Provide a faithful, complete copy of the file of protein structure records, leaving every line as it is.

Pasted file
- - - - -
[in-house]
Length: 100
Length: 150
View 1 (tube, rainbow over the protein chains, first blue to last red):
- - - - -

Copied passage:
[in-house]
Length: 100
Length: 150
View 1 (tube, rainbow over the protein chains, first blue to last red):